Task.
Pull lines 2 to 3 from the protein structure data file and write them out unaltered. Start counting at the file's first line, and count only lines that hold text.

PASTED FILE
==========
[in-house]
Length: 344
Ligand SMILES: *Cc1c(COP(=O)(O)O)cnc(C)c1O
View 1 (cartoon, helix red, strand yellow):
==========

Length: 344
Ligand SMILES: *Cc1c(COP(=O)(O)O)cnc(C)c1O